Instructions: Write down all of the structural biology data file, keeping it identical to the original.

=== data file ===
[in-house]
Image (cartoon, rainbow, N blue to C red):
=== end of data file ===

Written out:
[in-house]
Image (cartoon, rainbow, N blue to C red):